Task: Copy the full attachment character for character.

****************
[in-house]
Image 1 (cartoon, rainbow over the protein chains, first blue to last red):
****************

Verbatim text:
[in-house]
Image 1 (cartoon, rainbow over the protein chains, first blue to last red):